By Jeremy B. White
The powerful storm lashing Sacramento kept many people home last Thursday, but Rosario Aguilar was not among them. After eight years of living and driving unlawfully in California, the chance to get a legitimate license led him through sheets of rain to an information session held at a community services center tucked behind an Autozone on Fruitridge Road.
"It's very important," Aguilar said in Spanish, a gray hoodie cinched tightly around his head. He said his job pouring concrete at construction sites requires him to drive extensively. "The license," he said, "we want it, practically, so we can drive obeying the laws of California, which I think is a big step."
State officials are encouraging more than a million undocumented immigrants living in California to step forward and apply for licenses. Reactions in the immigrant community, Aguilar said, span a spectrum.
"There's two things: excitement and doubt," Aguilar said. "A lot of fear, because you never know where all this information is going to go, but also ... we're excited because we want a license to be safer out on the roads."
For years, the efforts to authorize driver's licenses for California's undocumented population centered in the Capitol. Bills to create such licenses reappeared year after year, advancing as far as the desks of Gov. Arnold Schwarzenegger and Gov. Gray Davis before dying at the tip of a veto pen.
That changed in 2013. Legislation drew support from members of Sacramento's Latino caucus, moderate Democrats and some Republicans. Eager to contrast California's leadership on immigration with Washington's gridlock, Gov. Jerry Brown signed it.
Now the policy has moved from the Capitol corridors to the streets of California, where as many as 1.4 million undocumented immigrants will be able to obtain driver's licenses and insurance starting Jan. 2. It marks a watershed moment for immigrant advocates -- and a monumental logistical undertaking.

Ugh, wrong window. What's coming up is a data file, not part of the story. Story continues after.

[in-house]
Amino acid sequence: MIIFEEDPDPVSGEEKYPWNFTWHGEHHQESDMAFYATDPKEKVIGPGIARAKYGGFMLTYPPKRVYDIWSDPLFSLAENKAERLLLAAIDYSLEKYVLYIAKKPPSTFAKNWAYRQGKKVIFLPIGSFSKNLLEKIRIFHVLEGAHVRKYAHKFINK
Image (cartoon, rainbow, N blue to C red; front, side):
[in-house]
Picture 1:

The California Department of Motor Vehicles is bracing for an influx of applicants. Community organizations and elected officials are telling a community often accustomed to avoiding attention to gather their documents, study hard and walk into a government building.
"A lot of immigrants are nervous coming to official state offices," said Assemblyman Luis Alejo, D-Watsonville. Alejo followed the bill authorizing new licenses with one ensuring the DMV won't share information with other agencies. "That continues to be one of the main concerns coming from undocumented immigrants: Will they be discriminated against?"
Nevertheless, demand for the new license appears to be strong. In the latter half of November 2013, DMV customers made 175,911 driver's license appointments. This year, the number vaulted to 378,891.
Anticipating that spike, the DMV is spending $67 million to hire 900 employees, extend hours and open four new field offices, including an East San Jose location heralded as the state's largest. After the DMV ran phone banks in concert with Spanish-speaking TV stations such as Telemundo and Univision, "the calls were just pouring in," department spokesman Artemio Armenta said.